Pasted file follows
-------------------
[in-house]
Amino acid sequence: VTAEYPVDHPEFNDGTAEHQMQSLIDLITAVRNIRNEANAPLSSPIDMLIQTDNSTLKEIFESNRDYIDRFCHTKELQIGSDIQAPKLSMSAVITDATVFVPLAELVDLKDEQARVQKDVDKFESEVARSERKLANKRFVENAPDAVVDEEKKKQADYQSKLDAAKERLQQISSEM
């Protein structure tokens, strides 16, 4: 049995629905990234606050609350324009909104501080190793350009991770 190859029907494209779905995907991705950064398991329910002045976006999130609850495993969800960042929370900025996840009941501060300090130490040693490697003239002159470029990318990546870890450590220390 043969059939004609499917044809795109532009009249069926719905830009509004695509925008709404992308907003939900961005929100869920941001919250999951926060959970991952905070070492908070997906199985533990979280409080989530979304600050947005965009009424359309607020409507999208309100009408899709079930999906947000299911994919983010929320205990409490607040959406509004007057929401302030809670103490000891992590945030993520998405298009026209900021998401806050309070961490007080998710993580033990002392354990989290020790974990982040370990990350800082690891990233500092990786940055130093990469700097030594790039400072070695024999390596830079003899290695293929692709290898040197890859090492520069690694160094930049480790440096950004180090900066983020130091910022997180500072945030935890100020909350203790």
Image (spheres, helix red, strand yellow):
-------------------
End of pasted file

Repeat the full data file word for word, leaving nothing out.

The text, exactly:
[in-house]
Amino acid sequence: VTAEYPVDHPEFNDGTAEHQMQSLIDLITAVRNIRNEANAPLSSPIDMLIQTDNSTLKEIFESNRDYIDRFCHTKELQIGSDIQAPKLSMSAVITDATVFVPLAELVDLKDEQARVQKDVDKFESEVARSERKLANKRFVENAPDAVVDEEKKKQADYQSKLDAAKERLQQISSEM
């Protein structure tokens, strides 16, 4: 049995629905990234606050609350324009909104501080190793350009991770 190859029907494209779905995907991705950064398991329910002045976006999130609850495993969800960042929370900025996840009941501060300090130490040693490697003239002159470029990318990546870890450590220390 043969059939004609499917044809795109532009009249069926719905830009509004695509925008709404992308907003939900961005929100869920941001919250999951926060959970991952905070070492908070997906199985533990979280409080989530979304600050947005965009009424359309607020409507999208309100009408899709079930999906947000299911994919983010929320205990409490607040959406509004007057929401302030809670103490000891992590945030993520998405298009026209900021998401806050309070961490007080998710993580033990002392354990989290020790974990982040370990990350800082690891990233500092990786940055130093990469700097030594790039400072070695024999390596830079003899290695293929692709290898040197890859090492520069690694160094930049480790440096950004180090900066983020130091910022997180500072945030935890100020909350203790």
Image (spheres, helix red, strand yellow):